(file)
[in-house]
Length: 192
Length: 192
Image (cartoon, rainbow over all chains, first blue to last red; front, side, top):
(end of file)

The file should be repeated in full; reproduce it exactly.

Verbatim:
[in-house]
Length: 192
Length: 192
Image (cartoon, rainbow over all chains, first blue to last red; front, side, top):